Schools Betrayed: Roots of Failure in Inner-City Education

By Kathryn M. Neckerman | Go to book overview

CHAPTER FIVE

Vocational Education

In the early years of the twentieth century, Chicago's public schools took on a new function: they began explicitly to prepare students for the labor market. The school system's new vocational curricula blended academic education with commercial and technical training, and were particularly attractive for students from modest backgrounds, as so many black and immigrant students were. For educators, these curricula offered a way to retain and motivate students. In this chapter, we follow the Chicago Public Schools as it constructed—and reconstructed—its system of vocational education, and show how the consequences differed for black and immigrant youth.


The Rise of Vocational Education

At the turn of the century, the city's public schools did very little to train students for jobs. The local high schools offered a handful of vocational classes such as surveying and bookkeeping, but their curriculum was largely classical, with an emphasis on Latin, Greek, and the humanities. For their part, employers paid little attention to school credentials. For skilled or professional positions, training took place largely through formal or informal apprenticeship. During the late nineteenth century, the Chicago Board of Education took a few steps to develop a more practical kind of education. Beginning in 1886, it opened a repair shop to boys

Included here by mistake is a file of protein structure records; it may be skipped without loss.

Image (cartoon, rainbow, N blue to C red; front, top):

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Schools Betrayed: Roots of Failure in Inner-City Education
Table of contents

Table of contents

  • Title Page iii
  • Contents v
  • Preface vii
  • Acknowledgments xi
  • Introduction 1
  • Chapter One - Urban Decline 11
  • Chapter Two - Labor Markets 32
  • Chapter Three - Communities and Cultures 60
  • Chapter Four - Racial Segregation and Inequality 81
  • Chapter Five - Vocational Education 107
  • Chapter Six - Remedial Education 127
  • Chapter Seven - Classroom Dynamics 152
  • Conclusion 172
  • Appendix A - Quantitative Evidence 185
  • Appendix B - Some Historical Evidence About Language Styles and Schooling 193
  • Notes 197
  • Selected Bibliography 243
  • Index 253
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